In our sixth year at North Shore Alliance, I received a phone call from Wally Albrecht, vice president of Alliance Global Ministries, asking us to consider coming to Toronto to help in training people for ministries to Muslims. Our spirits responded. Leaving North Shore Alliance was difficult, but God was at work. Finances were not quite in place; God opened the door to serve for the winter at the Alliance church in Spruce Grove, Alberta. 

As we drove into Toronto in April, we were taken aback at how fast the radio announcer described traffic flow! 

We felt we needed to learn more about loving Muslims. We attended some intensive courses in Colorado Springs and took an amazing tour of five Middle Eastern countries, talking to Christian leaders who had a heart for Muslims. What we heard over and over was emphatically expressed by one national pastor, “You must love Muslims! Don’t send us anyone who does not love Muslims!” 

The Alliance decided to open a seminary branch in Toronto named Canadian Theological Seminary (CTS) East. They brought in experts in Islam to teach related courses and offered other classes as well. We prepared and taught a course called “Mentored Field Experience.” It was my dream of the way to teach and learn realized, guiding students in integrating their personal journey with God, what they learned in other classes and their ministries to Muslims in Toronto. After a valiant effort, CTS East closed down for lack of students, unable to compete with established seminaries in the area. This was a great disappointment for me! What would we do now? 

We ramped up our own outreach to full-time. As we prayed, God gave us divine appointments. Then we heard from Jim Christie, an Alliance pastor in an area with a high immigrant population. Muslims were knocking on their church door asking to do community service so they could get a free bus pass from the city. The church wanted help! Together we organized a huge yard sale, giving away Jesus videos and advertising English as a Second Language (ESL) for the fall. We also established relationships with two Muslim couples volunteering at the church.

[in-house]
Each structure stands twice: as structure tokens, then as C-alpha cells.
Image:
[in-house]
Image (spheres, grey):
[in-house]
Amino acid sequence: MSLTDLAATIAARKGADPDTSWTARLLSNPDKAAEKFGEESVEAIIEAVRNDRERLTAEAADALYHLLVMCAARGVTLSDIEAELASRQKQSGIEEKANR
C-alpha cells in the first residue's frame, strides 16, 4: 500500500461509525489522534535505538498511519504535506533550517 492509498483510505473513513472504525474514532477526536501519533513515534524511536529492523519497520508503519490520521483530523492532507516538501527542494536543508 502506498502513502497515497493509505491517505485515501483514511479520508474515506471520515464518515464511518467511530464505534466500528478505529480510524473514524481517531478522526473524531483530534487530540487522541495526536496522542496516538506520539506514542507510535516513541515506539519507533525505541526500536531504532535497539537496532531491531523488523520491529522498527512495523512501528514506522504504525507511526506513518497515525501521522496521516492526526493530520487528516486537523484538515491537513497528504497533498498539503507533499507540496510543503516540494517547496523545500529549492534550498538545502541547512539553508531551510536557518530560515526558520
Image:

Several very conservative Muslim women came to ESL. We believed it was because of prayer. For a number of months, three of the church women from three ethnic backgrounds prayed every week outside the most conservative apartment building. Then they knocked on doors talking to people and inviting them to ESL. In class, we discussed Canadian, Christian, and Muslim special days. 

Over the years, our Christmas party for families became a much-anticipated event, with more and more men attending. We included international food, music, drama, a video section, a testimony, gifts for each child and family, and crafts for children. A presentation of some amazing aspects of the Christmas story was always highlighted.